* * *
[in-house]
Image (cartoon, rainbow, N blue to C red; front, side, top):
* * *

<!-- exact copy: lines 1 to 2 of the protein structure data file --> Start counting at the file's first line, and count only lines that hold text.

[in-house]
Image (cartoon, rainbow, N blue to C red; front, side, top):